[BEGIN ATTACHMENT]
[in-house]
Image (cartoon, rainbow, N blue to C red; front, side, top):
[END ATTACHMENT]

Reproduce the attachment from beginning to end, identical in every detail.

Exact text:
[in-house]
Image (cartoon, rainbow, N blue to C red; front, side, top):